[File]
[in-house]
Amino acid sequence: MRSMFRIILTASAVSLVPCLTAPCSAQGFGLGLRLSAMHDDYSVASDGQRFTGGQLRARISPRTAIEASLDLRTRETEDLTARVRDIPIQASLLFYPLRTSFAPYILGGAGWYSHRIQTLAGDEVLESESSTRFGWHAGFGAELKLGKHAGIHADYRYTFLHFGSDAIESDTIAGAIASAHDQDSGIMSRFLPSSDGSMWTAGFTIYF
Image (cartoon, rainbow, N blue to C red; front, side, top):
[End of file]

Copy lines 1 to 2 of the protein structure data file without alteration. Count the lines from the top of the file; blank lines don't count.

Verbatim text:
[in-house]
Amino acid sequence: MRSMFRIILTASAVSLVPCLTAPCSAQGFGLGLRLSAMHDDYSVASDGQRFTGGQLRARISPRTAIEASLDLRTRETEDLTARVRDIPIQASLLFYPLRTSFAPYILGGAGWYSHRIQTLAGDEVLESESSTRFGWHAGFGAELKLGKHAGIHADYRYTFLHFGSDAIESDTIAGAIASAHDQDSGIMSRFLPSSDGSMWTAGFTIYF